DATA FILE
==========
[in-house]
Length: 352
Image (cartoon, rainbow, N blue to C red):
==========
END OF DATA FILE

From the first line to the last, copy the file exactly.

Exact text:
[in-house]
Length: 352
Image (cartoon, rainbow, N blue to C red):